Central African Republic: Ban says political and security situation is ‘fragile’

Central African Republic: Ban says political and security situation is ‘fragile’

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The overall political, security and economic situation in the Central African Republic (CAR) remains fragile and is characterized by widespread poverty, insecurity and a disturbing cycle of human rights violations and impunity, according to the latest report submitted by Secretary-General Ban Ki-moon to the Security Council.

The overall political, security and economic situation in the Central African Republic (CAR) remains fragile and is characterized by widespread poverty, insecurity and a disturbing cycle of human rights violations and impunity, according to the latest report submitted by Secretary-General Ban Ki-moon to the Security Council.

The current situation on human rights “victimizes innocent civilians and leaves those responsible within the defence and security forces, rebel movements and highway bandits, free to commit even more crimes,” Mr. Ban stressed.

However, the Secretary-General also praised intensified efforts in the country to promote dialogue and welcomed a peace agreement that was concluded between the Government of CAR and the Armée populaire pour la restauration de la democratie (APRD) rebel movement on 9 May.

Mr. Ban said that the country had seen a decrease in the intensity of conflict between Government forces and rebel groups in the north of the country, but added that acts of lawlessness and indiscipline by defence and security forces, especially in relation to the general public, were on the increase.

The report also noted that a new zone of tension had emerged in the southeast of the country, where suspected renegade elements of Uganda’s Lord’s Resistance Army (LRA) rebel group had reportedly infiltrated into CAR from their bases in southern Sudan.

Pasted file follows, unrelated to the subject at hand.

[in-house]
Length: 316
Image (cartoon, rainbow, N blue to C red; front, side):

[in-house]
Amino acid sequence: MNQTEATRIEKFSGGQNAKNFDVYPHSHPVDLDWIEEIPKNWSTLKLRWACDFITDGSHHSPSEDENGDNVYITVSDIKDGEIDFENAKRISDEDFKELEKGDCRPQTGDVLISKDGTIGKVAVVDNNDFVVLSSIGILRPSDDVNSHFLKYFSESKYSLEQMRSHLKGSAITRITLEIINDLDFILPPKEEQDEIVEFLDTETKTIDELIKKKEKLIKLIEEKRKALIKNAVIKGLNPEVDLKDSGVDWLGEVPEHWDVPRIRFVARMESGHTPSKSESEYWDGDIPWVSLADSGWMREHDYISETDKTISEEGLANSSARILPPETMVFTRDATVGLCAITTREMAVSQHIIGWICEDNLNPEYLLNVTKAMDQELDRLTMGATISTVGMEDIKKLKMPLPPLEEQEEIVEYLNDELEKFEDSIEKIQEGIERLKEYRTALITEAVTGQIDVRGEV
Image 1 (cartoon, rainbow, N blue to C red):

Despite efforts by Government forces, the LRA elements had continued to operate relatively unfettered, burning and vandalizing villages as well as stealing goods and property, Mr. Ban reported.

Increased activities by highway bandits, known as zaraguinas, or coupeurs de route, mainly in the northwest of the country, had resulted in the emergence of self-defence vigilante groups which no longer hesitate to openly confront the bandits, Mr. Ban said.

He added that, of the 100,000 people who have fled their homes in the northwest, around one third were driven out by organized banditry, rather than by political conflict between the Government and rebel groups.

The first six months of 2008 had also been a challenging period for humanitarian workers, who suffered several attacks by armed groups and highway bandits, the Secretary-General said, while calling for unhindered access to populations in need.

“I renew my appeal to all armed groups to lay down their weapons and work towards the restoration of sustainable peace and stability,” Mr. Ban added.